QUESTION: Electric vehicles in the state fleet

During Question Time, Mark asked the Treasurer in his capacity as the Minister responsible for the South Australian Government Financing Authority which is in turn responsible for Fleet SA, questions on the subject of electric vehicles in the state fleet.


The Hon. M.C. PARNELL: Approximately 20 per cent of Australia's greenhouse emissions come from the transport sector. Today, in InDaily, Electric Vehicle Council chief executive Behyad Jafari, in response to news that only 6,900 electric vehicles were sold in Australia last year, blamed political inaction, and stated:

We have no targets, no significant incentives, no fuel efficiency standards…our governments are apparently doing everything possible to ensure Australia is stalled with its hazard lights on while the rest of the world zooms into the horizon.

By contrast, in January this year, new US President Joe Biden pledged to eventually replace the entire USA government fleet of 650,000 vehicles with electric vehicles. In South Australia, according to the South Australian Government Financing Authority's Fleet Snapshot from February this year, only 1 per cent of the government's fleet of 6,742 vehicles are plug-in electric, which category also includes plug-in hybrid electric vehicles which still have petrol engines. There is no detail provided about how many 100 per cent electric vehicles are in the state fleet.

Also, according to the list of approved state fleet vehicles able to be leased by members of parliament, a majority are now lower emission hybrid vehicles, which is good; however, none of them are fully electric. I note that the Premier's commitment, via the State Electric Vehicle Action Plan, is for the state fleet to be fully electric by 2030.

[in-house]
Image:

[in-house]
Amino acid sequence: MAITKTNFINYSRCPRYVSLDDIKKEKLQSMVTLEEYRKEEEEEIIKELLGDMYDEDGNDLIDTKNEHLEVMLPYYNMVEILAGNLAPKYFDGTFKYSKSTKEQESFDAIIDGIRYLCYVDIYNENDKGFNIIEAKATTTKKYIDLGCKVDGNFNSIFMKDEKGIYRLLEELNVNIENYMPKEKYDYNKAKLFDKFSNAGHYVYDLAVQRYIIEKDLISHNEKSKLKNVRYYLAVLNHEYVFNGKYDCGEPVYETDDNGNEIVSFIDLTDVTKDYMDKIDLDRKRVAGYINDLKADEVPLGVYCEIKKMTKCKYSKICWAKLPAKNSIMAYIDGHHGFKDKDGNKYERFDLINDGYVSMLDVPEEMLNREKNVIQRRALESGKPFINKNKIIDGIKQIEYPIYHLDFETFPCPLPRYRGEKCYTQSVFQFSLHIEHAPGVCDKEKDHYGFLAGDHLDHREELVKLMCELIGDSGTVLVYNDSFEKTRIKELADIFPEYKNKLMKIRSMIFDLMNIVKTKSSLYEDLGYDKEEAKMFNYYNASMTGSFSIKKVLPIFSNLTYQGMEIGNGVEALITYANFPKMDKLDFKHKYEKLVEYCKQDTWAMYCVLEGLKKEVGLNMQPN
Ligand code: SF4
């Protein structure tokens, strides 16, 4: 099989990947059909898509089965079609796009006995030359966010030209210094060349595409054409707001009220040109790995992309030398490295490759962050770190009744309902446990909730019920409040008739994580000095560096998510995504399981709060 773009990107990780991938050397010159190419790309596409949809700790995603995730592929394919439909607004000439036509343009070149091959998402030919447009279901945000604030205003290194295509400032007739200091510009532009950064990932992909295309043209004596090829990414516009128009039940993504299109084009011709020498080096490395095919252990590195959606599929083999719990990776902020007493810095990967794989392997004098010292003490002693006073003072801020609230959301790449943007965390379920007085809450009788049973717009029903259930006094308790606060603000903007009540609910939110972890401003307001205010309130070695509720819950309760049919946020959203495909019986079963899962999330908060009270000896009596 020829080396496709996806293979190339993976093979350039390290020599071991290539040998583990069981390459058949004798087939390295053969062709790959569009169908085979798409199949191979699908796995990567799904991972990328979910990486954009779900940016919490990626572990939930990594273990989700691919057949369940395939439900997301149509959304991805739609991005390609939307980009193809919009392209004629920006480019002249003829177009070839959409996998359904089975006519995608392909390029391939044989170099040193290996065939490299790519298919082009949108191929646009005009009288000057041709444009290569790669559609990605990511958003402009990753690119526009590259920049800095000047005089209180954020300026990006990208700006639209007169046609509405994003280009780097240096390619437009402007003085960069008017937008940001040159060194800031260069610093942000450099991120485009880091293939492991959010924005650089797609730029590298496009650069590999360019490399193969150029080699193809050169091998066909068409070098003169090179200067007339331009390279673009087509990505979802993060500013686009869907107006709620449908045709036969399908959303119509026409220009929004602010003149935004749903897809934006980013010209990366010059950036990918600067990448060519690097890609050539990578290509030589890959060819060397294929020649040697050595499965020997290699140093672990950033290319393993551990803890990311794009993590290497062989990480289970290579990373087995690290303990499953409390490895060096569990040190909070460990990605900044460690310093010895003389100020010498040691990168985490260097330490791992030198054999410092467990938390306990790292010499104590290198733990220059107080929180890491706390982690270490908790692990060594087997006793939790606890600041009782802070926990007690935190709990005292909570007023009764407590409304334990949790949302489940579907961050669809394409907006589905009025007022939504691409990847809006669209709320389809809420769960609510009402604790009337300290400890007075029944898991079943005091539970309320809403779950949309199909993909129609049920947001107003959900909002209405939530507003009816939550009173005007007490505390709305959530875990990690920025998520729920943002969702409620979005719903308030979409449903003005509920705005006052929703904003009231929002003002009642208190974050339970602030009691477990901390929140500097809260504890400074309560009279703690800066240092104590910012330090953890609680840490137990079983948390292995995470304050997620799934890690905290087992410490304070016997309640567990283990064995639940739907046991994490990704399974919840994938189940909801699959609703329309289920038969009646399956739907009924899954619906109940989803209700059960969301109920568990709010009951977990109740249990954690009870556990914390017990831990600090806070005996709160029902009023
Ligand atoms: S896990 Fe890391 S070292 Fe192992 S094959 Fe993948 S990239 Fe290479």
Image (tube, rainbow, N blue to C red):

My questions to the Treasurer are:

1. Can the Treasurer advise how many vehicles in the government fleet are purely electric vehicles as opposed to petrol/electric hybrid vehicles?

2. If the intention is for the South Australian government to be 100 per cent electric by 2030, when will the government start to include more fully electric vehicles in the state fleet?

The Hon. R.I. LUCAS (Treasurer): I am happy to take the honourable member's questions on notice and bring back a reply. Certainly, the government has taken a number of actions in relation to encouraging the take-up of electric vehicles, contrary to—I think the inference in the honourable member's question was that in last year's budget the government announced a range of initiatives, $18.3 million, in relation to the Electric Vehicle Action Plan for South Australia.

One of the key issues that has to be addressed in relation to the uptake of electric vehicles, putting aside the critical issue for consumers of cost, is access to recharging facilities. The government has recognised that and part of the expenditure in the Electric Vehicle Action Plan, the $18.3 million—which I might say, as I commented in the budget last year, is significantly more than the projected possible collections from a road user charge in South Australia.

This government has demonstrated its commitment to transitioning to electric vehicles, but it is not the mere fact of by dictate saying, 'Everyone shall drive an electric vehicle,' if you don't cater for the essential infrastructure that is going to be required, which is recharging. I am sure the honourable member, when he reflects on that, will accept that there are other issues that will have to be addressed.

I think I indicated earlier that even the opponents of the electric vehicle user charge, one of whom the honourable member quoted, have all, in their discussions with me, agreed with the industry assessments that I have been given, that the cost of electric vehicles will be competitive with our current range of vehicles by around about 2025, due to the natural progression of both the improvements in technology and the greater economies of scale in terms of international production.